Drew Field
Direct Public Offerings

The Ownership Solution and Democracy at Risk by Jeff Gates


Jeff Gates met Lou Kelso while Jeff was in law school, where he wrote articles about Lou’s ideas for his law school newspaper.  At Lou’s suggestion, Jeff worked on Stuart Speiser’s book, A Piece of the Action.   Jeff then went on to be counsel for Russell Long’s Senate Committee on Finance during the 1980s, where “I crafted much of the federal legislation encouraging employee stock ownership plans.”  He became special counsel to Kelso & Company and has since been a consultant to governments and other organizations on “ownership engineering.”  His books are The Ownership Solution: Toward a Shared Capitalism for the Twenty-First Century, Addison-Wesley, 1998 and Democracy at Risk:  Rescuing Main Street from Wall Street, A Populist Vision for the Twenty-First Century, Perseus, 2000.  


In The Ownership Solution, Jeff suggests “a steady broadening of ownership, in the knowledge that a vigorous effort in that direction will, in time, correct the current concentration.”  Beyond the economic effect, he sees shareownership “as a social tool for linking people not only to things (productive assets) but also to each other, to their community and (importantly) to their endangered environment.”


Jeff presents a clear, compelling analysis of the current ownership of financial assets and the “closed system” of business finance.  However, he does not believe that new shareowners will be created if shares must be purchased “from their already stretched paychecks.”  He argues that the “best way . . . is for government to intervene with a foresighted policy environment that induces capitalism to create a broader base of capitalists.”   Examples from his own consulting work are ESOPs and extensions to RESOPs (Related Enterprise, such as a company’s vendor’s employees); CSOPs (Customer) and GSOP (General, “in which ownership is based on geography or citizenship.”) 


Jeff uses his experience in federal government policy to suggest “twelve areas where the government’s presence could be retooled to broaden ownership.”  They include favoring companies with ESOPs or “certifiably broad-based ownership” in making government purchases, licenses, access to public property, trade assistance, loans and loan guarantees, public pension plan investments and antitrust enforcement.  He adds ten changes in taxation “to foster broad-based capital accumulation,” as well as a “major education and communication campaign to better school citizens about finance, business and the various paths to ownership.”  Combined, all of these measures are to achieve “a ‘critical mass’ of encouragement so that the current closed system of finance (which concentrates ownership) becomes less attractive than financial techniques that broaden ownership.”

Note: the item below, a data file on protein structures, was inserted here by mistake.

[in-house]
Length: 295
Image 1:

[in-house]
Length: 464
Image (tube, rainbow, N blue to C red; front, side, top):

In Democracy at Risk, Jeff describes the current “people-disconnected capitalism” and argues for a “people-responsive economy.”  In chapters like “Killer Capitalism,” he documents many of the negative effects on people and our environment from poverty, erosion in real income from work and the continuing concentration of capital ownership.


The chapter on “Education for Democratic Capitalism” proposes an education campaign for voters to learn about “today’s economic disparities, . . the unmet obligations due our children, . . the antidemocratic nature of our current financial structure,” and “the threat that economic centralization poses to the democratic tradition.”


Few new programs are suggested in this second book.  Published just before the 2000 presidential election, it is mostly a call to political action, to elect a “populist administration.”  Jeff would have the new populist president “proceed along the same lines as those Huey Long proposed in 1935,” which would include a “National Share Our Wealth Corporation that would ‘operate as a steward and trustee for the American people in the redistribution of wealth.’”


A friend of Jeff’s directed him to our website in 1999, as he was finishing his second book, and we had an email exchange of views.  Democracy at Risk includes descriptions of our direct offerings for California Federal Bank and Real Goods Trading Corporation.  However, Jeff also says that “the idea of people accumulating significant capital through personal saving is a particularly vigorous exercise in futility.”  Our experience has shown that people will choose to buy shares with some of the earnings they have left after paying for necessities.  Loan guarantees, tax benefits and other government programs could increase the amount of those purchases, but the political agenda today does not even include any studies about broadening the ownership of capital. 


We see the work to be done as a marketing and education challenge.  In direct offerings, a business presents itself to its own communities and helps individuals decide whether they want to become shareowners.  No new government program is required.  While the actions that Jeff suggests would seem to be helpful, they risk involving the law of unintended consequences that so often follows the political process.  Direct offerings can be completed with no new attention from government.